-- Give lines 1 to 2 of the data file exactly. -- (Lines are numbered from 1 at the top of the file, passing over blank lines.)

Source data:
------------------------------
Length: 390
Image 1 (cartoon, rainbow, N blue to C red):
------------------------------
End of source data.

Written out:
Length: 390
Image 1 (cartoon, rainbow, N blue to C red):